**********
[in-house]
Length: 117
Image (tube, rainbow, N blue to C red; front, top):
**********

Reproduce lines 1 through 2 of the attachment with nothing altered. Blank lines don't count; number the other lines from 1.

[in-house]
Length: 117